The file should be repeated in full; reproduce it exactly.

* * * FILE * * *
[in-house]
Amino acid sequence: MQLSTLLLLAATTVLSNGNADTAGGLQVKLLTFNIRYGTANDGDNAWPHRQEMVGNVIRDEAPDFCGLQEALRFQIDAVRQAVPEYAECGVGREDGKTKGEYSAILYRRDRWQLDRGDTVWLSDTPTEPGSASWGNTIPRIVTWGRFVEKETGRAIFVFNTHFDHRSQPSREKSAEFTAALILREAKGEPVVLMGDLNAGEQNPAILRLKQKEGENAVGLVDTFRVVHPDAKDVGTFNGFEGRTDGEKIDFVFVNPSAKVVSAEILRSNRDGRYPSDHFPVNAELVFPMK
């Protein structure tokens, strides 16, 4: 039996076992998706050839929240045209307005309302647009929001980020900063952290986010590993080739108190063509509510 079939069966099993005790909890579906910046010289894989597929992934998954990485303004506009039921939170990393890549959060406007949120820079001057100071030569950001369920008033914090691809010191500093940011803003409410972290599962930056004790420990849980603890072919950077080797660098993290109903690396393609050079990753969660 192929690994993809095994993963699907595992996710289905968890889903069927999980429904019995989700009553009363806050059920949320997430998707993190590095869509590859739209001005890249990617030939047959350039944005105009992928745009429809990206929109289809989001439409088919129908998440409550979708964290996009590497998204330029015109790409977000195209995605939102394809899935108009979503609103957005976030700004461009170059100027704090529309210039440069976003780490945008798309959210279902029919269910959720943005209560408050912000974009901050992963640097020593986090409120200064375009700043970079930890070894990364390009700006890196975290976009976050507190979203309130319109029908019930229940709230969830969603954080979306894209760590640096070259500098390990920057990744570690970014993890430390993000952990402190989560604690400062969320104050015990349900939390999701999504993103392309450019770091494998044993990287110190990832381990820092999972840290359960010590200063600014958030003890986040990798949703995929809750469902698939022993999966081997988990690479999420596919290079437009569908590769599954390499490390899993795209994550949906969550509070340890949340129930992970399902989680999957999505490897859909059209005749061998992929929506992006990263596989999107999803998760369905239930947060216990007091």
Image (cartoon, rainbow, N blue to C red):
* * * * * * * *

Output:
[in-house]
Amino acid sequence: MQLSTLLLLAATTVLSNGNADTAGGLQVKLLTFNIRYGTANDGDNAWPHRQEMVGNVIRDEAPDFCGLQEALRFQIDAVRQAVPEYAECGVGREDGKTKGEYSAILYRRDRWQLDRGDTVWLSDTPTEPGSASWGNTIPRIVTWGRFVEKETGRAIFVFNTHFDHRSQPSREKSAEFTAALILREAKGEPVVLMGDLNAGEQNPAILRLKQKEGENAVGLVDTFRVVHPDAKDVGTFNGFEGRTDGEKIDFVFVNPSAKVVSAEILRSNRDGRYPSDHFPVNAELVFPMK
């Protein structure tokens, strides 16, 4: 039996076992998706050839929240045209307005309302647009929001980020900063952290986010590993080739108190063509509510 079939069966099993005790909890579906910046010289894989597929992934998954990485303004506009039921939170990393890549959060406007949120820079001057100071030569950001369920008033914090691809010191500093940011803003409410972290599962930056004790420990849980603890072919950077080797660098993290109903690396393609050079990753969660 192929690994993809095994993963699907595992996710289905968890889903069927999980429904019995989700009553009363806050059920949320997430998707993190590095869509590859739209001005890249990617030939047959350039944005105009992928745009429809990206929109289809989001439409088919129908998440409550979708964290996009590497998204330029015109790409977000195209995605939102394809899935108009979503609103957005976030700004461009170059100027704090529309210039440069976003780490945008798309959210279902029919269910959720943005209560408050912000974009901050992963640097020593986090409120200064375009700043970079930890070894990364390009700006890196975290976009976050507190979203309130319109029908019930229940709230969830969603954080979306894209760590640096070259500098390990920057990744570690970014993890430390993000952990402190989560604690400062969320104050015990349900939390999701999504993103392309450019770091494998044993990287110190990832381990820092999972840290359960010590200063600014958030003890986040990798949703995929809750469902698939022993999966081997988990690479999420596919290079437009569908590769599954390499490390899993795209994550949906969550509070340890949340129930992970399902989680999957999505490897859909059209005749061998992929929506992006990263596989999107999803998760369905239930947060216990007091």
Image (cartoon, rainbow, N blue to C red):